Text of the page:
Rep. Tom Cole, Guest Columnist
Editor's Note: This column is submitted by a candidate running for election. Its publication does not constitute The Oklahoman's endorsement of the candidate or his views. The Oklahoman does not endorse candidates for public office.
Congress has no greater responsibility than to provide our military with the training and resources it needs to confront mounting security challenges and threats. Indeed, the U.S. military and its defense industrial base are the backbone of international stability and order. And in this era of unprecedented turmoil around the world, both must be strengthened.
For decades, thousands of Oklahomans have played critical roles in supporting our national defense and security needs. Notably, in the district I represent, this includes both military service members and civil servants supporting the world-class training, sustainment and operational missions at Tinker Air Force Base and Fort Sill.
Academia in Oklahoma is increasingly proving an important partner. Our state is uniquely situated to continue growing into one of the leading defense and national security research states by focusing on four critical areas: radar innovations, sustainment and modernization, advanced technologies and international security policy. Great strides have been made thanks to the strategic investment of the Fourth District’s own University of Oklahoma in aerospace, defense and global security research.
Specifically, the Oklahoma Aerospace and Defense Innovation Institute (OADII) was established late last year and designed to leverage OU’s research capabilities with our state’s network of industry and government partners. To lead this innovative program, OU made the excellent decision to hire outgoing Commander of Tinker Air Force Sustainment Center, Lieutenant General Gene Kirkland, who brings first-class, real-world experience and decision making to the already capable team in Norman. Additionally, the Advanced Radar Research Center, which is the largest university-based radar center in the nation, recently became a Community Instruments and Facilities center of the National Science Foundation.
Last month, OU signed the first-ever academic partnership with the 448th Supply Chain Management Wing, which is the single Air Force Wholesale supply chain wing with $7.2 billion in total requirements and 106,000 items managed at an inventory value of $56.6 billion. OU researchers will help our military use cutting-edge manufacturing processes and equipment to solve supply chain problems as well as use artificial intelligence and machine learning capabilities to better predict supply chain risks in advance.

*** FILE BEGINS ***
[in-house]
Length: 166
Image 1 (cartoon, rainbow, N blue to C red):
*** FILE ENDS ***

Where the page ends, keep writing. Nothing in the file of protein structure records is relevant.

OU’s focus on aerospace and defense research equips students with the skills and expertise to obtain lucrative jobs and meet a significant need for this important workforce. Aerospace and defense industries make up the second-largest sector of Oklahoma’s economy, with more than 1,100 companies and 120,000 employees.
This week, OADII will host a distinguished group of national defense experts on campus in Norman for its inaugural research symposium, examining more ways OU can work together with partners in government, industry and other academia to meet America’s national defense priorities today and in the future.
Oklahoma receives billions in federal defense spending every year, and I will continue to advocate for more dollars to support our fantastic research, development and training enterprises. The men and women who volunteer for our Armed Forces deserve nothing less. I look forward to the future of the Oklahoma Defense Industrial Base and its incredible contributions to our national defense.
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